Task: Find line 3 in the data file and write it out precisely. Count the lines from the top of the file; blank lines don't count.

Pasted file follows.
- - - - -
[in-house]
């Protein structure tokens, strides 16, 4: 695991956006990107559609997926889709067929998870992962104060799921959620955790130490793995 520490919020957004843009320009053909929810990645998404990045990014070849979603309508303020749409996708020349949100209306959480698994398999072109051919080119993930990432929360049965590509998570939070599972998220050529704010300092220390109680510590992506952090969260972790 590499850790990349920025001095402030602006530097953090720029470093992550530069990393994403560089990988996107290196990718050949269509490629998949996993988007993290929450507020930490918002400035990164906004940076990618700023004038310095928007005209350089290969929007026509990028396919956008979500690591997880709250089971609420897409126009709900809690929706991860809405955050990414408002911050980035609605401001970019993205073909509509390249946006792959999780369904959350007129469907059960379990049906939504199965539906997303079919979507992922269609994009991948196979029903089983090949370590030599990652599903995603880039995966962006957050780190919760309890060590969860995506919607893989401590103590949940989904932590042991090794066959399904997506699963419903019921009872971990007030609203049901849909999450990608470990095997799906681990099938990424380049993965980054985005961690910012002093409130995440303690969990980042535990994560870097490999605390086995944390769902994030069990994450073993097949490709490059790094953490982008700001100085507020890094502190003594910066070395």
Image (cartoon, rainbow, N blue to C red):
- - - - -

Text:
Image (cartoon, rainbow, N blue to C red):